Switzerland-based European Organization for Nuclear Research (CERN) launched its new fully secured and encrypted email service in beta on May 16.
Called ProtonMail, the service has end-to-end encrypted email capability without requiring any software installment. Moreover, it is likely to be NSA-proof correspondent.
“When we launched ProtonMail, we did not anticipate that there would be so much interest in our service,” ProtonMail wrote on its website. “We thought we had enough resources in place to support over 1 month of user signups. Never could we have imagined that we would hit that limit in around 60 hours.”
The platform for ProtonMail was founded by PhD student and CERN scientist Andy Yen, who examined the problem of lack of the online privacy. Yen decided to ask his fellow CERN scientists to assist him in finding a possible solution to the problem. The final team, which involved CERN and MIT (Massachusetts Institute of Technology) scientists, started meeting at the famous CERN Restaurant One where they came up with the new project.
“We’ve basically separated the message that’s encrypted apart from the key – all the encryption takes place on your computer instead of our servers, so there’s no way for us to see the original message,” Yen said.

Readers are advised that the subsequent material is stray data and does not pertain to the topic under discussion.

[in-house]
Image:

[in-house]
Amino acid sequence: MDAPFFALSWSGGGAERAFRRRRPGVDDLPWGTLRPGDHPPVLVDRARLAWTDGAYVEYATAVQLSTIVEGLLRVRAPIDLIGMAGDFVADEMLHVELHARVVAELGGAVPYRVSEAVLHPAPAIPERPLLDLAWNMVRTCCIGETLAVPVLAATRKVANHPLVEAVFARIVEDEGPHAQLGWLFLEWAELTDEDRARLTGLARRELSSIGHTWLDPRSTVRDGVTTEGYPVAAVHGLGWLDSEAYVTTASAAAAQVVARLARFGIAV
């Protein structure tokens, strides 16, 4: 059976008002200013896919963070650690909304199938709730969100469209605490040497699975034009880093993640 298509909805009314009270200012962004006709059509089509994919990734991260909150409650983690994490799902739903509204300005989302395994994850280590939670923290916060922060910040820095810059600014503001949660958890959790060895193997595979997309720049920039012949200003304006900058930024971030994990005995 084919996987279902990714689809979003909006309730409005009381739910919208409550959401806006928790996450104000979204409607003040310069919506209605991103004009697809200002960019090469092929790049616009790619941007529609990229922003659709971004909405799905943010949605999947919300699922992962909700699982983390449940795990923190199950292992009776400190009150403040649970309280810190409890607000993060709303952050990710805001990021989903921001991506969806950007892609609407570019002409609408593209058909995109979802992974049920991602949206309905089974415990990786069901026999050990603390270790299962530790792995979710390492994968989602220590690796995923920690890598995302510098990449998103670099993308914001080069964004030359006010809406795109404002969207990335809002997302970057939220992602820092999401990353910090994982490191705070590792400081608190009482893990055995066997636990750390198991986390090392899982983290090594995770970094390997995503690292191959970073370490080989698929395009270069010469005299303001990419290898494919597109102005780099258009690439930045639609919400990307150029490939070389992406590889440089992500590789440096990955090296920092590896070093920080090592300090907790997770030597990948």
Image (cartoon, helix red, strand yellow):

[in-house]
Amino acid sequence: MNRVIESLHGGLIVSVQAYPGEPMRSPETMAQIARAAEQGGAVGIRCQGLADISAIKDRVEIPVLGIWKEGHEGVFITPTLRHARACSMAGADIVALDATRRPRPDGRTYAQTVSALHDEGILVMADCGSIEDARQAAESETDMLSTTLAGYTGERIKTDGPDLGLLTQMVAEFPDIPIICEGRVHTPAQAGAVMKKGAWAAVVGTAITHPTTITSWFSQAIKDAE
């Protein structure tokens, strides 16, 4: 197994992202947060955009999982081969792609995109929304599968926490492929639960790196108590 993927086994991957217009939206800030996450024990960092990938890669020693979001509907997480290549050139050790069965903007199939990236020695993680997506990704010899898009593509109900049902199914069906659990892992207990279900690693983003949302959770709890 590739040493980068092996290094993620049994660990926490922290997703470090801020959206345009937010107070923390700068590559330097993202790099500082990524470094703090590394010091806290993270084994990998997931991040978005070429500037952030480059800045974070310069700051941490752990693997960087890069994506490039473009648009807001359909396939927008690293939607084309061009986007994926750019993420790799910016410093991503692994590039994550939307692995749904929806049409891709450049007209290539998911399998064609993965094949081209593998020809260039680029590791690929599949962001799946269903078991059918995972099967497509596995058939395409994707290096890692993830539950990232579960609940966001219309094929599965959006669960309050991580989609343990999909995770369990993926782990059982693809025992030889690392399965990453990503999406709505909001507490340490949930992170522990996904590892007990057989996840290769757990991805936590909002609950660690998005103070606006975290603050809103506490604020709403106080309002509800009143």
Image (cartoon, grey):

According to Yen, the service is different from other email systems that store the encryption key. ProtonMail encryption and decryption are invisible for its users. Unlike other encryption tools, the system is designed to be simple for its users.
The team began ProtonMail development after the former NSA contractor Edward Snowden affair. The leak showed that NSA has an access to the widely used technology to snoop on people.
However, CERN scientists believe that everyone has the right to privacy. Today a large number of Internet users started using encrypted communications after the Snowden leak. The volume of encrypted internet traffic has increased significantly over the last months.
The service is available in beta only. The team is now developing iOS and Android apps, which are expected to be launched in late summer. As predicted, ProtonMail will be out of beta at the same time. Yen said beta testing is available to users, but the capacity of the server is limited.
While ProtonMail is free, additional features will be offered. The full pricing is unknown, but the paid account will provide 1GB of storage worth $5.
ProtonMail, which guarantees privacy and security, does not track any personal information of its users.
Bitcoin will be included into the system as one of its payment methods.